2017 celebrates the 105th year since First Nations of Treaty 7 have camped at the Calgary Stampede. This important relationship was an instrumental part of First Nations history as Guy Weadick, founder of the Stampede, partnered with First Nations people, such as Ben Calf Robe who held a major role in this process, to create the first Indian Village as a safe place to practice First Nations culture.

“The reason I know so much about my family’s history and culture today is because the Stampede allowed, and encouraged, my ancestors to practice their traditions on Stampede Park in an era where it was discouraged elsewhere,” explains Cindy Provost, Calgary Stampede board of directors.

Indian Village, 1989
Indian Village, 1989

In 1912, First Nations peoples were not allowed to celebrate their cultures on their own reserves because of Indian Act laws and regulations. The Stampede was one of the only places where First Nations peoples were welcomed to participate and celebrate their traditions publicly. As a result, the families who participated in Indian Village throughout the 20th century looked forward to coming to the Calgary Stampede annually.  They used this time to teach younger generations about their traditions to make sure their cultures lived on. It was only because of the special agreement that Guy Weadick and the Calgary Stampede made with the government that passes were given for First Nations participants to leave the reserve and attend the Stampede without fear of legal consequences.

“Most people today don’t realize the significance of Indian Village,” continues Provost, “as one of the only safe spaces for our culture – a place we’ve grown and developed in partnership with the Stampede, a place where we have accomplished so much and continue to look forward to what it could provide for future generations.”

Guy Weadick and Cappy Smart
Guy Weadick and Cappy Smart

Indian Village is organized through efforts of volunteers on the Indian Events committee, Stampede employees and the tipi families who camp at the Village during the Stampede. There is constant consultation about the name of the Village and if it should be changed.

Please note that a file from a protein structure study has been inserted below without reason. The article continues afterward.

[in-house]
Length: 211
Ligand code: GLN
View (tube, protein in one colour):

The tipi owners have indicated that Indian Village is a place and a name with great historical significance and honours the role of Guy Weadick and the relationship with the Stampede throughout the twentieth century.  There has been, and will continue to be, constant dialogue with the tipi owners and the Calgary Stampede regarding all facets of the Indian Village and if the name should change, the undertaking would come from these conversations.

“I hope that all guests to Stampede this year will stop by Indian Village to enjoy and participate in our cultures,” invites Provost. “Creating a sustainable culture isn’t just about the First Nations families who pass on traditions, but sharing the stories and traditions with all people to keep the history alive.”

Indian Village is open daily from Thursday, July 6 (Sneak-a-Peek) to Sunday, July 16. Guests are encouraged to attend the Opening Ceremonies on Friday, July 7 at 4 p.m., the Arts & Crafts and Bannock Booth, open daily, the Pow Wows from Wednesday until Saturday, and the Closing Ceremonies on Sunday, July 16 at 6 p.m.

For more information, visit calgarystampede.com/indianvillage.

Indian Village 2016
Indian Village 2016. Photo Credit: Bill Marsh / Calgary Stampede